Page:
1. In the right hands, both approaches (RbMT or SMT) can work for projects where MT is suitable. However, there are many more user controls and much simpler options available to tune MT systems in the SMT world.
  2. In general I would say that it makes sense to specialize in one MT (SMT or RbMT) approach and go deep to understand what you can control and how it works rather than do shallow and instant approaches. It takes work and extensive experimentation to develop real expertise in either approach and there is nobody I know in the industry who can do both well.  So choose RbMT  or  SMT and figure out what it takes to make it REALLY work rather than do the kind of shallow tests that Lexcelera does and draws definitive conclusions on these results as described in the article. Many of the conclusions drawn in the article are more a reflection of the quality of their effort than the actual possibilities of the technology in more skillful hands.
Some of the specific claims made and disinformation in the Multilingual article referenced above that I would challenge and dispute are as follows:

“In our experience, languages such as Japanese and German perform best with an RBMT approach” This was actually true in the early SMT days (~2005-2007) but is simply not an accurate truism anymore. I have seen custom SMT (if done right) outperform customized RbMT systems in both these languages even when large amounts of data are not available.

if you do not have enough data — we're talking millions of segments of in-domain bilingual and monolingual segments — you may not have enough corpora to train an SMT engine This seems to me to be a statement often made by people who have little or very shallow experience with SMT. In the large majority of SMT systems I have been involved with this amount of training data volume was simply not available. However, it is possible to get productivity enhancing SMT engines with even just 50,000 segments if you know what you are doing. This is possible even for languages like Japanese and Russian as Scott Bass of Advanced Language Translation points out in this webinar, where this was done with a fraction of the data mentioned in this misleading statement. A large majority of Moses MT engines, especially those of the instant kind, produce MT systems that are inferior to the free MT provided by Google and Microsoft. This is more likely to be related to a lack of understanding about the technology rather than any fundamental deficiency in the basic technology or the data as the Multilingual article suggests. If data privacy or copyright is not an issue, most LSPs would probably be better of using the Microsoft Hub option over using some generic instant MT option or some LSP managed Moses effort.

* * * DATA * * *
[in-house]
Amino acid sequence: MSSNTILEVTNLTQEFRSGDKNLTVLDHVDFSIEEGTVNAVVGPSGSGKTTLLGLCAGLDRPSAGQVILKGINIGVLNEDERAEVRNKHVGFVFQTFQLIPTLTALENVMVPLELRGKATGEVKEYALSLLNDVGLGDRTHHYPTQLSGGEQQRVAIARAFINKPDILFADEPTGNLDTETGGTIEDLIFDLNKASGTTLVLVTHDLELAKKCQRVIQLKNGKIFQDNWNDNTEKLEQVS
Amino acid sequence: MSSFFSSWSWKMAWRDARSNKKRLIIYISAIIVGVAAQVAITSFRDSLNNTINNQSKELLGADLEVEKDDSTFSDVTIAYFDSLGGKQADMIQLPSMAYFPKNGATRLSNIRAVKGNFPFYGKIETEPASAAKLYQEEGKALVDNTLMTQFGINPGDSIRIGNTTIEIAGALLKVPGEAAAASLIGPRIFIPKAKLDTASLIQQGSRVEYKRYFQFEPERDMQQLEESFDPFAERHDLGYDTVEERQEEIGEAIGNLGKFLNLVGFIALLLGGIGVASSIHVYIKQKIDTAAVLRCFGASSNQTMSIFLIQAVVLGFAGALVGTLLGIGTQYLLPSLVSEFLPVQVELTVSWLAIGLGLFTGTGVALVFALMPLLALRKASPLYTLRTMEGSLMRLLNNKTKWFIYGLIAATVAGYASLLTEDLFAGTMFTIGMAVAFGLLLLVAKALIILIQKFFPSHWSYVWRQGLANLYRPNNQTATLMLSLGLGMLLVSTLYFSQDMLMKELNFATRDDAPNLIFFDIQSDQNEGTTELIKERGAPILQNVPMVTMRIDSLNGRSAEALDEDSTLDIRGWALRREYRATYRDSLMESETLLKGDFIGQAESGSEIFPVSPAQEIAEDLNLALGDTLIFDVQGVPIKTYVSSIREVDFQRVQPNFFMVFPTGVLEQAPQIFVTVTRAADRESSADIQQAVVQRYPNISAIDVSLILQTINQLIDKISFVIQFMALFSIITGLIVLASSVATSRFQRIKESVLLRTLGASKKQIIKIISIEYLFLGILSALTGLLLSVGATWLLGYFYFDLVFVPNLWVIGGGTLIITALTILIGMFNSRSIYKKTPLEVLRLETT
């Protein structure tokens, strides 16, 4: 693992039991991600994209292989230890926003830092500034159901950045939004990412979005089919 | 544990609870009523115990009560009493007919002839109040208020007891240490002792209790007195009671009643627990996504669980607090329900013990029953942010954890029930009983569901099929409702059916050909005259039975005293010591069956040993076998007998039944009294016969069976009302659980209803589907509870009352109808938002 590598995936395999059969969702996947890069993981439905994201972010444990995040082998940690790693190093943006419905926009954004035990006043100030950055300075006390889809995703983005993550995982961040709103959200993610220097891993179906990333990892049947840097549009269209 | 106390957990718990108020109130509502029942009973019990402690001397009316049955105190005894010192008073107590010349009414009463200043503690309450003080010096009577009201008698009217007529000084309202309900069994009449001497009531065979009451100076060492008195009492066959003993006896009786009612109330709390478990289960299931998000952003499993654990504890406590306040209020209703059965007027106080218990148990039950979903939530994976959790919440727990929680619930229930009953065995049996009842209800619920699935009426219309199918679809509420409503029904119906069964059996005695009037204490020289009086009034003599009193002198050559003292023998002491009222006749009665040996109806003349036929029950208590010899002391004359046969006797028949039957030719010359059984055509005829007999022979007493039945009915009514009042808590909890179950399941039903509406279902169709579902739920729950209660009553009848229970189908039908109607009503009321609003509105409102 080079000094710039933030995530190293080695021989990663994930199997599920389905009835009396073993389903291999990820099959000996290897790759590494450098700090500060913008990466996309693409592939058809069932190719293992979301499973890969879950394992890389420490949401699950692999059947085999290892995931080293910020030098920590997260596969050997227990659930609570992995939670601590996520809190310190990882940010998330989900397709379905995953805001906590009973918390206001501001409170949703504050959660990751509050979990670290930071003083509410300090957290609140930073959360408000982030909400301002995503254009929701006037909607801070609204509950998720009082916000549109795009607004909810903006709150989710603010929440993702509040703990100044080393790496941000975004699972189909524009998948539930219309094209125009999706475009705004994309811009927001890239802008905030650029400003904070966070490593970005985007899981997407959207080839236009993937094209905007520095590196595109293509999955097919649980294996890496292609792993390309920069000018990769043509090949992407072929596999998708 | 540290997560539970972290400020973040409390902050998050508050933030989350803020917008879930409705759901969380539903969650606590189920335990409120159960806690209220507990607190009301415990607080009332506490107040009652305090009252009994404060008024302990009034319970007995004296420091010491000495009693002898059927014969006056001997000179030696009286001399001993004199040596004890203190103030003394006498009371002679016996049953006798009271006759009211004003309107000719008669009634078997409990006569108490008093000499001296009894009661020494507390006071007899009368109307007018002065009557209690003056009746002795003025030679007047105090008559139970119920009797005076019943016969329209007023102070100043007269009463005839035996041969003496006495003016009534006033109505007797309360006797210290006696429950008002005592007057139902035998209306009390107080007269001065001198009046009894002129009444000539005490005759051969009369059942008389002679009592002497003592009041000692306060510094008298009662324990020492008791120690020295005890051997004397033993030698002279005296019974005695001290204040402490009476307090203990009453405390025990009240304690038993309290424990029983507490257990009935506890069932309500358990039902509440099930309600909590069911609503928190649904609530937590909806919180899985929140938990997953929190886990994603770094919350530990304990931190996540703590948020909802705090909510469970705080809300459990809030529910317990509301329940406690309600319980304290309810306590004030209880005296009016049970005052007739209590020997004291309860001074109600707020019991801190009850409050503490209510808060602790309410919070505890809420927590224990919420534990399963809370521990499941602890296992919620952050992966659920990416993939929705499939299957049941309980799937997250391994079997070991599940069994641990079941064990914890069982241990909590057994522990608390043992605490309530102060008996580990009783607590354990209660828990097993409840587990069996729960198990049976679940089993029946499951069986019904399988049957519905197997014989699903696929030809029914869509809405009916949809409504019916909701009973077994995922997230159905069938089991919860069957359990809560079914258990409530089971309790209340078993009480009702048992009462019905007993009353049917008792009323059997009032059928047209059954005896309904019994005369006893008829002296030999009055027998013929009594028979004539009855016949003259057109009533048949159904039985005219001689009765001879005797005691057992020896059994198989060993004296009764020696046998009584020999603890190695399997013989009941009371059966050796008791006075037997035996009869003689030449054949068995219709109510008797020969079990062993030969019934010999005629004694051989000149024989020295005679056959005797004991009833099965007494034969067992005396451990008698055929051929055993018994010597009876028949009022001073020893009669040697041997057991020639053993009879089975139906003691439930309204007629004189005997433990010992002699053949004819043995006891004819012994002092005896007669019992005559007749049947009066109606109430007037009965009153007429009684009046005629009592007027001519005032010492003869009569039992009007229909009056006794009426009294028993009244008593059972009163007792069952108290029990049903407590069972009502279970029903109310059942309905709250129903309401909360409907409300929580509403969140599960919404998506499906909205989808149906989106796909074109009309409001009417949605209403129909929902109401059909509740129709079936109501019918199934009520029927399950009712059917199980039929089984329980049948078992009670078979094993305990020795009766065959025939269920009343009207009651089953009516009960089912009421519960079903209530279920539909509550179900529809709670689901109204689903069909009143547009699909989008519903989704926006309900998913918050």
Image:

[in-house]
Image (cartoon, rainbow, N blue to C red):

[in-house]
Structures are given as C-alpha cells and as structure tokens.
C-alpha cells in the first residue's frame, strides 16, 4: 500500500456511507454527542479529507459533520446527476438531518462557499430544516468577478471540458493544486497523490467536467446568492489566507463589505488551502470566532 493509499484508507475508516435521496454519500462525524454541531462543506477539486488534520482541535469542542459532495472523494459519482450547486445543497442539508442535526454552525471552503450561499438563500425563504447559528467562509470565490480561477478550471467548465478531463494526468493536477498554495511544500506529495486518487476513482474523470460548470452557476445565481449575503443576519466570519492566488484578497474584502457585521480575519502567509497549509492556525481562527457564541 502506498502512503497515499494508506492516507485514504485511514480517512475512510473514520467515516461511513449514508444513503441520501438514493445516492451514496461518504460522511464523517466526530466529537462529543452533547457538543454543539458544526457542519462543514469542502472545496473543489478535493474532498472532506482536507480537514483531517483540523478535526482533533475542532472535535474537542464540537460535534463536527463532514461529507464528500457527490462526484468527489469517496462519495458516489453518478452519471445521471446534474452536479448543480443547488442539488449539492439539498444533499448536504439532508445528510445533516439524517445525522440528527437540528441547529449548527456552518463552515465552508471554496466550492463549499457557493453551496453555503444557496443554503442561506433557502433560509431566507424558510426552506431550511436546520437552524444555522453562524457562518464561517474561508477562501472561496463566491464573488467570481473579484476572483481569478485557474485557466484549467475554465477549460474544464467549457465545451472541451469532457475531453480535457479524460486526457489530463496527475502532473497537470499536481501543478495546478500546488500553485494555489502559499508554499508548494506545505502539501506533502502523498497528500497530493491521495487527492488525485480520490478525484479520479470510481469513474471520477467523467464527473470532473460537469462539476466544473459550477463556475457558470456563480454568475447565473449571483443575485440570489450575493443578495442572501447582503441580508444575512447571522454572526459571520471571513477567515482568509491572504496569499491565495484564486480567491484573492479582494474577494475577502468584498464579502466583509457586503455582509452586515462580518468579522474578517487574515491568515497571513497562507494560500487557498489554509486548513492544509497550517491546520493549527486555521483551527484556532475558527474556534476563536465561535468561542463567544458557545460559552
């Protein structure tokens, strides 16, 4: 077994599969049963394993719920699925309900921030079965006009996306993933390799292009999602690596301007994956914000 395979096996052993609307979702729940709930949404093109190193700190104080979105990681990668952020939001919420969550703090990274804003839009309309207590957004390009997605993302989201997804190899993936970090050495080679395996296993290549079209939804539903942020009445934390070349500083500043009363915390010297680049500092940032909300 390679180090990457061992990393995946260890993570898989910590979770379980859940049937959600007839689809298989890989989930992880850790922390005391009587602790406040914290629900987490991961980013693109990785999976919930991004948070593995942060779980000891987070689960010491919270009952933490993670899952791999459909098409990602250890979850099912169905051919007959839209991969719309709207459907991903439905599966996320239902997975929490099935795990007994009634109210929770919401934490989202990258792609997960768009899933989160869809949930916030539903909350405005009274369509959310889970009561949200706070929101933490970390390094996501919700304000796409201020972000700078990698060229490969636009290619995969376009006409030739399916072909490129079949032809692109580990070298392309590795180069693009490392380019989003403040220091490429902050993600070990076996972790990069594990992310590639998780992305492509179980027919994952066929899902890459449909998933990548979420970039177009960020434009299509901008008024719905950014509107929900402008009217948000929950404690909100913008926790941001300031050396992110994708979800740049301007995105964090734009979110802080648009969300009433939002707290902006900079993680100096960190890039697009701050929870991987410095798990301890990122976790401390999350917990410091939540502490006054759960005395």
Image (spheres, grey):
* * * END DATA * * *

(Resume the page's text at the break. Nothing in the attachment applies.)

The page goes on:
“If the terminology is fixed in a narrow domain such as automotive or software documentation, RBMT or a hybrid is generally the best choice. This is because the rules component protects terminology better”  While this may be true for systems developed by naïve Moses users, many SMT experts like Asia Online have figured out that terminology really matters and know how to use it. Most of the corporate SMT systems out there focus exactly on automotive and IT product user documentation of various kinds, in addition to unstructured content. It is in fact possible to build a single Automotive engine (at Asia Online) and then tune it for different clients (Toyota, Honda etc..) and have the preferred terminology dominate IF you know what you are doing. See the diagram below for example.

“Wild West content where the terminology runs all over the map and would be impossible to train for, such as patents, works better with SMT. ”  This again suggests the authors lack of experience with patent domain and basic unfamiliarity with SMT technology. The largest terminology effort I have seen was with a patent engine where tens of thousands of scientific and technical terms were carefully translated to ensure accurate and useful translation of patent material. SMT benefits greatly from good, consistent terminology work and we have several customers (e.g. Sajan) who have gone on record to say that terminology consistency was one of the major benefits of an Asia Online engine. In fact the strategy deployed by Asia Online in data scarce situations usually begins with a tightly focused terminological foundation.